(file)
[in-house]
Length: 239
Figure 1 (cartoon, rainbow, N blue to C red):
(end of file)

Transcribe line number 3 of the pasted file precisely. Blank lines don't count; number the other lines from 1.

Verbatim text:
Figure 1 (cartoon, rainbow, N blue to C red):